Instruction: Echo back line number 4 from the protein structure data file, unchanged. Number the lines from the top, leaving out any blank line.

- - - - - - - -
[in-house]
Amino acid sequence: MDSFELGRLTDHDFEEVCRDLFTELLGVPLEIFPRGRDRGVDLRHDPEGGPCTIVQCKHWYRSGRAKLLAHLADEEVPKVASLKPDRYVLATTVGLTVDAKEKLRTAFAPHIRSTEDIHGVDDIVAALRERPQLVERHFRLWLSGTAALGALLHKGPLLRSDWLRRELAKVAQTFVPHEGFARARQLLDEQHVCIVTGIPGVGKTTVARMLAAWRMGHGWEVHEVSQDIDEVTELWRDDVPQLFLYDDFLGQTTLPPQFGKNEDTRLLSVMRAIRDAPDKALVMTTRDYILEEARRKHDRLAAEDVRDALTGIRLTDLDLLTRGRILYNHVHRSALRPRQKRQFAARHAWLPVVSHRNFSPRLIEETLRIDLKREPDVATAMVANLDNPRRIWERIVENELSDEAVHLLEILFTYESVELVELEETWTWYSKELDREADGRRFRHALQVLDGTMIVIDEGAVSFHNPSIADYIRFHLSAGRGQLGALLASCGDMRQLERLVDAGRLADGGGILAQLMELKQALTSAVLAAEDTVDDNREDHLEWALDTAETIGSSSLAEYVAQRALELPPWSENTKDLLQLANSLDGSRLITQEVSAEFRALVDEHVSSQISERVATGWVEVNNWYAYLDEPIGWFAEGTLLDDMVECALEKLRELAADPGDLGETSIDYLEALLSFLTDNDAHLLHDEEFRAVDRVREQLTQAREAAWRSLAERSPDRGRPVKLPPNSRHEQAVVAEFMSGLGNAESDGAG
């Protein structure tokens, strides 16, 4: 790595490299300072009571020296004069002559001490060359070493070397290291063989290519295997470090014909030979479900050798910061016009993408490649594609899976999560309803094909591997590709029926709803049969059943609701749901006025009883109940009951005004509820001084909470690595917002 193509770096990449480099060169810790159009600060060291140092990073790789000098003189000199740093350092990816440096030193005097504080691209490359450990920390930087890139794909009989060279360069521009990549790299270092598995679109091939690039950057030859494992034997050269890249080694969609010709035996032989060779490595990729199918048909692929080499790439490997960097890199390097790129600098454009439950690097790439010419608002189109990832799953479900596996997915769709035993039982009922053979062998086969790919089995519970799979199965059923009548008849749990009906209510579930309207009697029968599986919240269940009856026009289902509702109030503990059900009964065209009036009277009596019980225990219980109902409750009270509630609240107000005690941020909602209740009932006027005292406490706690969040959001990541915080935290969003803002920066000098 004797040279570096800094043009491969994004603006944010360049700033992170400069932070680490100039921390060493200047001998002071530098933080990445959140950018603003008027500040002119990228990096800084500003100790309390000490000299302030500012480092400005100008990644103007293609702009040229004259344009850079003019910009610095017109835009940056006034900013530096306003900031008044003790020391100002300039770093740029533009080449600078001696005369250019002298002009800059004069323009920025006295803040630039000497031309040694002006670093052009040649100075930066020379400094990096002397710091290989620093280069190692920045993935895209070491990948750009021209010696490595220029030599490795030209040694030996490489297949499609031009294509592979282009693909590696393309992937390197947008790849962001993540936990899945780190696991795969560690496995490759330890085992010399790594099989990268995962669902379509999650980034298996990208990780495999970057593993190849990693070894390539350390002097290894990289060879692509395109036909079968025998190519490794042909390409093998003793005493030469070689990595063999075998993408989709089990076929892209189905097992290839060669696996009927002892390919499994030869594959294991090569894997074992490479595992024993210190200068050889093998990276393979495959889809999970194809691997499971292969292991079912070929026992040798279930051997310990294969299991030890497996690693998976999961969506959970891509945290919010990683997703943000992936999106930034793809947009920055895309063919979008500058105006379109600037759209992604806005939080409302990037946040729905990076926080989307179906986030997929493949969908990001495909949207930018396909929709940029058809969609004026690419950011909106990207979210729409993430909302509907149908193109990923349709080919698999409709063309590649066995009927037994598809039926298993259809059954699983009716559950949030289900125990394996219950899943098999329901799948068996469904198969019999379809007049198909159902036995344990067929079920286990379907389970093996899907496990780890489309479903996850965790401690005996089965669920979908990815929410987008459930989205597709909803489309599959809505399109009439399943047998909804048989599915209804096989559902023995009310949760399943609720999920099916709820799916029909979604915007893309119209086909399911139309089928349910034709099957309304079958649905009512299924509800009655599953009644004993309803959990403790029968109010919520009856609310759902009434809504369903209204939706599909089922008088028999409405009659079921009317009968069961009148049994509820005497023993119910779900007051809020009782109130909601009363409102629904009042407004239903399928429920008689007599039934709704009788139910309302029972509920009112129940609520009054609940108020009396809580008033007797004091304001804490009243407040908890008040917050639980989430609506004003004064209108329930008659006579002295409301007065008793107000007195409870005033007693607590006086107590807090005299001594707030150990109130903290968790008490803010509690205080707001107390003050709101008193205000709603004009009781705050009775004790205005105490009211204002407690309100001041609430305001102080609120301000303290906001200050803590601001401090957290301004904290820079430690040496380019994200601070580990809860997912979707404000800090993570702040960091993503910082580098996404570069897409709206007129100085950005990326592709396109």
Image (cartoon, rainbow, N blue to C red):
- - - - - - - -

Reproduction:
Image (cartoon, rainbow, N blue to C red):